ALTA unhappy over stalled fatigue review


Trucking group puts pressure on the NTC to deliver the long-awaited fatigue management review

By Brad Gardner | August 2, 2010

The trucking industry is putting pressure on the National Transport Commission to deliver on its promised fatigue management review.

The NTC in April last year agreed to review basic fatigue management (BFM) guidelines to improve the scheme and involve the industry by releasing a discussion paper.

NTC Chairman Greg Martin in February this year announced the paper would be "released shortly", but since then it has been forgotten about.

The Australian Livestock Transporters Association (ALTA) has demanded an explanation on the delay, but has so far been kept in the dark on the issue.

"ALTA has not yet received any information from the NTC about when the BFM Review will be released," ALTA Executive Director Philip Halton wrote last week to his members in a newsletter.

"Even worse, an NTC officer recently told us that their staff are ‘too busy with the National Regulator’ to complete this work," the newsletter goes on to say.

The NTC has declined to comment on the issue, today saying it will be addressing the ALTA directly on the matters raised by it in the newsletter.

The former NSW roads minister, Michael Daley, in 2009 requested the NTC to look at work and rest periods under the BFM module which limits drivers to 14-hour workdays and prescribed rest breaks.

Daley at the time stated governments needed to do more to encourage the industry to gain BFM accreditation.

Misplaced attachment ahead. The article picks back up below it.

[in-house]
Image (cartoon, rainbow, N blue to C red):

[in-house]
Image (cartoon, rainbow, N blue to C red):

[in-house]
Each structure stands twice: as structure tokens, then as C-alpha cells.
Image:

"Some trucking companies may have lost flexibility under the scheme, and this might encourage them to stick with the traditional approach of relying on a driver filling in a record of how much driving he has done," Daley said at the time.

The NTC was asked to look at striking a balance between safety and ensuring operators can comply with their obligations under fatigue management.

The ALTA is looking for changes to restrictions on driving hours and night rests to help country operators and for the work diary and counting provisions to be simplified.

Halton has also criticised the NTC for failing to respond to an industry delegation that called for cross-border fatigue management inconsistencies to be addressed.

The delegation met the NTC on June 4 after a truck driver was caught breaching fatigue provisions in Victoria despite being compliant in NSW and Queensland.

To highlight the time taken by the NTC to deliver on its proposal for fatigue management reform, the ALTA last week began its NTC work diary to keep track of the days taken since it announced it would review BFM.

The diary also tracks the number of days passed since Martin announced the review would be "released shortly" and the days passed since the NTC committed to working on cross-border counting inconsistencies.


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